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Photo: Courtesy of Penn Law Digital Communications

Grey’s Anatomy creator Shonda Rhimes is producing a new show that is — basically — based on Penn.

"How to Get Away with Murder," which premieres tonight at 10 p.m., takes place at a “prestigious Philadelphia university,” where eager students compete to land a job at their criminal law professor’s firm. The pilot filmed scenes on 40th through 42nd streets between Spruce and Locust in March.

Penn was the show’s first choice for filming, according to Sharon Pinkenson, the executive director of the Greater Philadelphia Film Office, but the University turned down the offer in order to avoid disturbing campus life.  The Film Office assisted producers in securing campus locations for filming. In the end, "Murder’s" campus scenes were filmed on the respective campuses of Bryn Mawr and Ursinus colleges, as well as at Media Providence Friends School.

ABC, which is airing the show, could not be reached for comment until after its premiere.

Pinkenson speculated that show creator Shonda Rhimes, who is also the creator of Grey’s Anatomy and Scandal, chose to set "Murder" in Philadelphia because the city differs from the film industry norm. “It’s the perfect combination," she said. "There’s a great Ivy League college,” referring to Penn, “and lawyers in Philadelphia have been famous for centuries.”

In the show’s trailer, actress Viola Davis, in character as a criminal law professor, strides into a packed lecture hall a leather purse and an evident attitude. On the board, she writes both the name of the name of her fictitious course, Criminal Law 100.

Criminal law professor Paul Robinson teaches the real-life Criminal Law 100 at Penn Law. In a single lecture, Robinson tackles manslaughter, criminal homicide and statutory rape cases.

“One of the complications of teaching criminal law is [the students] have watched a lot of the shows and think they know what the laws are,” he said.

While Robinson and Davis’s character teach the same course, they have backgrounds in different sides of the courtroom. Davis’ character is a high-profile defense attorney, who often uses dirty methods to get her clients acquitted. Robinson, on the other hand, is a former federal prosecutor and counsel for the United States Senate Subcommittee on Criminal Laws and Procedures.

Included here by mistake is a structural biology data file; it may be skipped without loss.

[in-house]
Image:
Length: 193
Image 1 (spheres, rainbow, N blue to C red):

In one of Robinson's regular Friday afternoon classes, the class dynamic is reminiscent of a scene on the small screen. Students flip through fat red books and scribble down notes on one of the day’s cases — whether or not to convict a group of producers for the death of children on a movie set.

Robinson abandons his podium to lounge on a desk in the corner of the room. With the omniscient air of Harvey Specter from "Suits" or Olivia Benson of " Law & Order: SVU," he responds to students with answers that inspire an even more fervent round of questions.

“We’re talking about criminal law, is this kind of risk taking in this kind of situation — movie making — condemnable?” he says, gesturing to the lecture hall. 

After 10 more minutes of debate, Robinson reveals that the studio in the case was found not guilty of aggravated manslaughter. The next case yields a discussion of whether or not to convict a legally mentally disabled man who claims he unknowingly committed statutory rape.

“Have a sense of the difference between law on the books and law in the real world — what actually happened," Robinson said, stressing the use of real-life cases in courses like his and the one featured in "Murder." "It’s a little less predictable, things aren’t necessarily working the way you think they were.”

Robinson won’t be watching the show, but he is excited to see the criminal law-centered conversation that will follow.

“The fact that there are all these shows is evidence that humans have this interest in issues of blame and punishment,” he said. Every human has had this challenge — what do you do [with] those societal norms, what do you do if people breach them?”

"Murder" isn’t the first time Penn has made an appearance in movies and television. Parts of the 2009 blockbuster "Transformers: Revenge of the Fallen" were filmed on campus, as well as the 2000 Bruce Willis drama, "Unbreakable." The pilot for cult-hit "It’s Always Sunny in Philadelphia" features characters walking down Locust Walk and external shots of Van Pelt Library. The campus also makes cameos in later episodes.

Although the pilot was filmed in Philadelphia, the rest of "Murder" will be filmed in Los Angeles now that the show has been picked up for a full season. Davis’ contract, Pinkenson said, includes a mandate that regular filming take place in the L.A. area.

“We were disappointed that the series didn’t get picked up to film here,” Pinkenson said. “But when [someone is] a big star they have the power to make those decisions.”

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